#108 Dead Poet on 05.16.13 at 1:37 pm

Soft landing – it can happen, as the public realizes that the housing market is set for downward spiral, the government pumps millions (billions) to stem the flow of sales, they probably buy homes and sit on it, but keeping the masses unaware – insane thinking – well the Fed is doing that right now in pumping Billions into the stock market so the average Joe doesn’t get spooked.

The Dow is a poor indicator of the true health of the economy – but most Americans freak if they hear if the Dow drops a few hundred points…

I read in some obscure site that when the US is involved in any military action – putting the brakes on the economy forces thousands of unemployed to seek a job in the Military – thats how they fill the ranks – military drafts create resentment. The sheep will always follow..bahhhhhhhh

#109 raider on 05.16.13 at 1:38 pm

Is anyone reading Bloomberg… here we go again ;)
http://www.bloomberg.com/news/2013-05-16/brooklyn-to-california-bubble-threat-grows-in-housing.html

#110 Bearish on 05.16.13 at 1:38 pm

“The Canadian economy, once the envy of Americans, Europeans, and others, is now widely viewed as a commodity dependent, “one trick pony”.

http://pacificapartners.ca/blog/2013/05/14/canada-us-real-estate-chartbook/#City_Summaries

http://www.businessinsider.com/bearish-charts-on-the-canadian-economy-2013-5?op=1

#111 Blacksheep on 05.16.13 at 1:43 pm

Shawn # 97,

I’m not challenging the content of this comment or much of what you post, as you clearly display economic knowledge. I’m just surprised you don’t grow tired of your own, ‘systemic’ cheerleading.
Your relentless, It’s like your on payroll. Don’t get me wrong, I’m not suggesting you stop, as censorship in any form is bad.

I of course also realize, we ALL have agendas.

Just wondering what yours is?

#112 Smoking Man on 05.16.13 at 1:50 pm

I get a kick out of reading financial post, Canada version of operation mocking bird….

Reading the last few days it’s all but calling rates will go through the roof tomorrow…..

Ba hahaha ROTFLMA…

#113 Adam Smith on 05.16.13 at 1:55 pm

I find it slightly weird that you’re willing to challenge the house-mongers on obviously unreal numbers that makes things seem better for them than it is but you unquestioningly accept the US ‘recovery’ being claimed by the US gov that makes things look better for them despite their almost 1/4 people being on food stamps.

The other day you happily mentioned the US unemployment level being around 7% but that totally fails to account for workers who have simply stopped looking for jobs who are no longer being counted as unemployed. shadowstats.com includes those discouraged unemployed workers and the number is closer to 24%. Turns out shady real estate hustlers aren’t the only ones who like to play with numbers.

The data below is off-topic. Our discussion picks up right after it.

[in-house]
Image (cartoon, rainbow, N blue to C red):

#114 Old Man on 05.16.13 at 3:01 pm

#112 Smoking Man – if you are going to Atlantic City this holiday weekend play roulette, and place the bets on numbers 16/19, as this is an old code word for a VIP that needs a payout; just give the guy that spins the ball into the wheel a wink and a nod before you bet, and see what happens.

#115 Dr. Hoof - Hearted on 05.16.13 at 3:17 pm

Richmond apartment building care home for sale

http://www.james-wong.net/blogs/realestate/archive/2012/01/17/apartment-building-care-home-for-sale-in-richmond.aspx

Richmond has very few apartment buildings for sale as there are very few such apartment buildings in Richmond. The demand for apartment buildings used for care homes is growing steadily in BC, and in the metropolitan area of Greater Vancouver. Such apartment buildings zoned and used as care homes are seldom available for sale in Greater Vancouver.

Available for sale in Richmond is an established 38 rooms “Independent Living” care home facility. The cap rate is around 6% for this Richmond apartment building. This Richmond care home is just 10 years old. The apartment building may be sold together with the business or the building can be sold separately. This Richmond apartment building is located on a large 32,000 sq ft lot. There is a possibility to expand this Richmond care home facility by building additional rooms to the north of the current building.

===================================
Perhaps Garth could comment on this.

As opposed to speculation, this is dedicated to steady cash flow

#116 Rational Optimist on 05.16.13 at 3:40 pm

103 Temple

I wonder how statistically significant accidental landlords might be- I guess you’re right that they will happen if too many folks are left holding bags they don’t want.

In a lot of parts of the country, legislation serves to help constrain rental supply. Until very recently in Ontario, there was almost zero construction of purpose-built rental stock- in many areas, not only in the GTA, condos served as the new rental supply, but as you know they were not purchased primarily as rentals (rather as speculations on continued capital appreciated). Anyway, most demand for homes was by households wanting to purchase, not rent.